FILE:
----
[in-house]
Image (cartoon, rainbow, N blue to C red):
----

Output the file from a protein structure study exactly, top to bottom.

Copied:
[in-house]
Image (cartoon, rainbow, N blue to C red):